I have my c# program set to run when windows starts by adding it to the Windows Registry. It works fine, but here is my problem...

I want the program to start in the system tray, but only when it is started automatically by Windows. If the user double-clicks the program from the desktop, then I do not want the program to start in the system tray. Right now, I can either have it always open in normal window mode or always open in the system tray.

Is there anyway to maybe determine if my program was launched by Windows startup? Or is there an alternative to this problem?


2 Answers 2


Add an argument when started by the registry. You can definitely do this with a batch script, or maybe in the registry directly.

You will see the parameter in the argument to your static main function, and can act accordingly.


I would suggest using command line arguments. If the user double clicks on an icon, then the program should start with something like this: myProgram.exe /i and if it starts with Windows, then it should start something like myProgram.exe /w.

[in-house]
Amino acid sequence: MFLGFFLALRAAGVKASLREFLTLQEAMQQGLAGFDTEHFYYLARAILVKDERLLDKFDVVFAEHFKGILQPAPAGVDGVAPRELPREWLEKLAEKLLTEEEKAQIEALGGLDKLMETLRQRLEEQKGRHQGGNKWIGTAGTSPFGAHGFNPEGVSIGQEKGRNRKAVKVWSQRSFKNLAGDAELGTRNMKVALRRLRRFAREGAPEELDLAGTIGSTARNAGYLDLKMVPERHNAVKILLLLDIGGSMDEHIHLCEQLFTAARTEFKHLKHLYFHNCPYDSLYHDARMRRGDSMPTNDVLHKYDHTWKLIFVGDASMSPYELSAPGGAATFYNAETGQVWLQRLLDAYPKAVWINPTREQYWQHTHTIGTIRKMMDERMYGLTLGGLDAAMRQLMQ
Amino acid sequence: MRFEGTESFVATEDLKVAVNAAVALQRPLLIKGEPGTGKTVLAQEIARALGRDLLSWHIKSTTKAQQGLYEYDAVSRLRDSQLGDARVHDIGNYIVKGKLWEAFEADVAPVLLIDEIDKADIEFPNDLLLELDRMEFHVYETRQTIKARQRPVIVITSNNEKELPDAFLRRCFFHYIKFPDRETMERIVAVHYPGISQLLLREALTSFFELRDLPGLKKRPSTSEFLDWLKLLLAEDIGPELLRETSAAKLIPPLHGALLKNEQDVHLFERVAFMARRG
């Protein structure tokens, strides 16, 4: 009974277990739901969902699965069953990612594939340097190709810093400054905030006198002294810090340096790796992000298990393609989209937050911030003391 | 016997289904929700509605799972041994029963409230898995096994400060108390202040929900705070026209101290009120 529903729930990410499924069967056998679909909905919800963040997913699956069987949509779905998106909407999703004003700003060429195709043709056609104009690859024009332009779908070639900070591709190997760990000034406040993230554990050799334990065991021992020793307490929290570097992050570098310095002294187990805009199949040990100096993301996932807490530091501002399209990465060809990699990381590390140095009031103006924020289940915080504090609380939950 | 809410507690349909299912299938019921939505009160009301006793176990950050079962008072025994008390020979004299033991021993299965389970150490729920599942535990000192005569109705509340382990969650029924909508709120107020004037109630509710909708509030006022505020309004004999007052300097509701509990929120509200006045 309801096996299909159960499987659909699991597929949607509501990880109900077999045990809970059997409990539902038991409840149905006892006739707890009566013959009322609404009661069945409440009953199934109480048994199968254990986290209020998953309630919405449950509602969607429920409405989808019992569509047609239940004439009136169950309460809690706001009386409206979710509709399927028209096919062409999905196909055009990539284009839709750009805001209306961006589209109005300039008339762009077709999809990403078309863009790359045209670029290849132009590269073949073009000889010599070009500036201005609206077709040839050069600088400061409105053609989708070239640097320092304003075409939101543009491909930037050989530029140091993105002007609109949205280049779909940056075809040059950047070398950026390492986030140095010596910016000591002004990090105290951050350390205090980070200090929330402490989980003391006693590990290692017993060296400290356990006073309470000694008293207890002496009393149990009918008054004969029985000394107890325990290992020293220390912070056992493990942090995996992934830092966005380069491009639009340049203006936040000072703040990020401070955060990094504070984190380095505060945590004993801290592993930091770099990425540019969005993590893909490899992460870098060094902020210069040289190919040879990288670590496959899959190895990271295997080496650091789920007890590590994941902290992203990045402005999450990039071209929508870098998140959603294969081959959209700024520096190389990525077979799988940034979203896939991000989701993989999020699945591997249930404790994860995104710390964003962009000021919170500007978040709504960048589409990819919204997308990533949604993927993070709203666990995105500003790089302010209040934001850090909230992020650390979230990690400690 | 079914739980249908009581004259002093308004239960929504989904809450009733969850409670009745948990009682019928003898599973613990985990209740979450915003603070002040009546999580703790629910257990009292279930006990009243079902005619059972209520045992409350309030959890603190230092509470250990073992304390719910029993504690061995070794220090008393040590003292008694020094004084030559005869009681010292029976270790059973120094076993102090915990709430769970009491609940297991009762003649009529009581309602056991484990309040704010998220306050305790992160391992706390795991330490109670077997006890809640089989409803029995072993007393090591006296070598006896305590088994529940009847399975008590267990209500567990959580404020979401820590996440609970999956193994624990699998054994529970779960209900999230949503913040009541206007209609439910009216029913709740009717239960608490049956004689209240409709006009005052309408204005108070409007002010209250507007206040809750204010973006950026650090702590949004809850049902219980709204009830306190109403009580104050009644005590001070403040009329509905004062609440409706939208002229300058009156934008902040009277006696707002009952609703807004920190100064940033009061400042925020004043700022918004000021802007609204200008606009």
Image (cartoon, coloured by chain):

You can parse command line arguments in the main of your program. See here:


  • So, my only 2 options are by user or windows, so I can hide my form if not by user. Now, how do I pass a string, say "user" into a exe file for when it is double clicked...
    – Sean
    Feb 24, 2009 at 3:03
  • All that can be passed in as command line args. For example, if this were the command line arg: /u="foo" /i="bar", then the args array passed into main would contain two elements. [0] = "/u=foo", [1] = "/i=bar". You can write your own simple parsing methods to parse out what you need.
    – BFree
    Feb 24, 2009 at 3:08
  • Thanks for all your help, I appreciate it...I understand how to parse the arguments in my code. Now I just don't understand how the arguments get passed into the code. This is a consumer program, I would like them to just double click the icon, and it work...not msss with the command line
    – Sean
    Feb 24, 2009 at 3:25
  • I would suggest specifying the 'start parameters' of the windows service to indicate that it is being started as a service. When it is started via a shortcut, just don't pass the parameters, then you know its being launched by a user. Not perfect, but should get the job done.
    – TJB
    Feb 24, 2009 at 5:12

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